• and resilience research.

Without that foundation, trauma-informed understanding and practice can only go so far. If you tell parents who have high ACE scores, for example, that stress is bad and that they should reduce stress by practicing good parenting, that doesn’t help them understand why they’re triggered to hit back (and triggered means hitting without even thinking about it) when their two-year-old smacks them, as two-year-olds tend to do. They think they’re a bad parent, and obviously can’t learn to be a good parent if they’ve hit their kid after all that parenting training. However, if they learn about ACEs, they realize four important, life-changing beliefs about themselves:

  • They weren’t born bad.
  • They weren’t responsible for the things that happened to them when they were children.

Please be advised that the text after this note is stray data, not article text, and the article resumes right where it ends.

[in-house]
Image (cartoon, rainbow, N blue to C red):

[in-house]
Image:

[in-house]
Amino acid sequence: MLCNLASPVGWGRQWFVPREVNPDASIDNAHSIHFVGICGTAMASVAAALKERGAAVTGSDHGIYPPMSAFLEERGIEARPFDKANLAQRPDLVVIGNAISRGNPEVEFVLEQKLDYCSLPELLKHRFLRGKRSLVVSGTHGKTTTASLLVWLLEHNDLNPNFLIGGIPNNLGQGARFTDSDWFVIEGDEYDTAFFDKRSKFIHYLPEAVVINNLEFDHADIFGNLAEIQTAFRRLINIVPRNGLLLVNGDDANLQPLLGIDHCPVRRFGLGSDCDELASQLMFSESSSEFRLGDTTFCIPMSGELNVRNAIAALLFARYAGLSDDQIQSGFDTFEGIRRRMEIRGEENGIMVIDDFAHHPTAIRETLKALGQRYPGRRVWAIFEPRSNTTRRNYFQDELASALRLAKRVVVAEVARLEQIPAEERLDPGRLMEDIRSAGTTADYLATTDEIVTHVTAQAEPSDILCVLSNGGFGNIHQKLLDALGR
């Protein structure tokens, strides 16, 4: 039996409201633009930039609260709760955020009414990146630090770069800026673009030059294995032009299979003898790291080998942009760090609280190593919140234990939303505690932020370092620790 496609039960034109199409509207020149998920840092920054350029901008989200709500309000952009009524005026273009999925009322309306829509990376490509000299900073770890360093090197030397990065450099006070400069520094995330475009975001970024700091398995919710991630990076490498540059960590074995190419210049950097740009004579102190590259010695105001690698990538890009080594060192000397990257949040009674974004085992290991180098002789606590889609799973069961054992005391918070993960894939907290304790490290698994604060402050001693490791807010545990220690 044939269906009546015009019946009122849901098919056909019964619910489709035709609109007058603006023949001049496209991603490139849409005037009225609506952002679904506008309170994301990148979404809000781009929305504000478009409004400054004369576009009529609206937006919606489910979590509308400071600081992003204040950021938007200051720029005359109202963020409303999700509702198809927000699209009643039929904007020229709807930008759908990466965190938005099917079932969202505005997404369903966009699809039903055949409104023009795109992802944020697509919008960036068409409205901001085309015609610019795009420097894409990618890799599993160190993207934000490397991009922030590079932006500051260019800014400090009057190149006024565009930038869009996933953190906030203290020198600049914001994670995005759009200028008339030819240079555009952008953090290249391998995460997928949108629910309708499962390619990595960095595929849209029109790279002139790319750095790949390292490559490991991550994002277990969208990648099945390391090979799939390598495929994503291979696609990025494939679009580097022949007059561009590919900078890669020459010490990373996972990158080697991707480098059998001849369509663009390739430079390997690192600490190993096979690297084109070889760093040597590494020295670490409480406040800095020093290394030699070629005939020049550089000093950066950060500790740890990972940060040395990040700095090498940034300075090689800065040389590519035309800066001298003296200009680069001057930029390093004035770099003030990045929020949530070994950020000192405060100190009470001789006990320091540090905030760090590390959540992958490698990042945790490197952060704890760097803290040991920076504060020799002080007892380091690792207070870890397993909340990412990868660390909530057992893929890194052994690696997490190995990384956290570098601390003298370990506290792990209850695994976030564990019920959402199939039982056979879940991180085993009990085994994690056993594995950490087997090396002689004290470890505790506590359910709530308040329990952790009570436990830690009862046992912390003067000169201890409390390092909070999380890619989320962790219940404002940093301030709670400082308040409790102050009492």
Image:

• They coped appropriately, given that they were offered no other ways to cope; it kept them alive and sane. 
  • They can change.

As a result of learning about ACEs, many parents say: “This explains my life.” And they want to know how not to pass their ACEs on to their kids. This knowledge engages them in a way that nothing else in the parenting classes has. They can get a better handle on understanding why they’re triggered, and begin to develop ways to prevent being triggered, and to handle stress in a healthier way.  

The NEAR@Home toolkit was developed for home visitors who work with new parents eligible for the program because they’re poor. They say that learning about ACEs is a social justice issue. There are some other pretty powerful points in the NEAR@Home toolkit: 

”Parents have the right to know the most powerful determinant of their children’s future health, safety and productivity.”